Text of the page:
Number of US soldiers suffering brain injuries from January Iraq attack tops 100

More than 100 U.S. troops have been diagnosed with mild traumatic brain injury (TBI) in the weeks following Iranian airstrikes targeting American forces in Iraq, the Pentagon said Monday.

Defense officials confirmed 109 service members had TBI as a result of the attack, up from the 64 reported last month. Of those injured, 76 have returned to duty, including one service member who was transported to Germany for medical treatment.

“The Defense Department is steadfast in its efforts to deliver programs and services intended to lead to the best possible outcomes for our service members,” said Alyssa Farah, the Pentagon press secretary.

The Pentagon now says 109 service members have been diagnosed with traumatic brain injury caused by the Jan. 8 Iranian missile attack on an air base in Iraq where U.S. and coalition troops had taken cover in advance. (AP Photo/Ali Abdul Hassan)

The Pentagon now says 109 service members have been diagnosed with traumatic brain injury caused by the Jan. 8 Iranian missile attack on an air base in Iraq where U.S. and coalition troops had taken cover in advance. (AP Photo/Ali Abdul Hassan)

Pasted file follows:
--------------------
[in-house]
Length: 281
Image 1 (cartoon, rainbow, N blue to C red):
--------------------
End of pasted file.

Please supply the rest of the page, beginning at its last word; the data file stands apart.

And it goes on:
“We are grateful to the efforts of our medical professionals who have worked diligently to ensure the appropriate level of care for our service members, which has enabled nearly 70 percent of those diagnosed to return to duty," she added. "We must continue to address physical and mental health together."

The Pentagon said the numbers could change, as the number of soldiers diagnosed with TBI has steadily increased in the weeks following the Jan. 8 airstrikes.

CLICK HERE TO GET THE FOX NEWS APP 

The attack launched by Tehran came after a U.S. drone strike that killed a top Iranian general in Baghdad.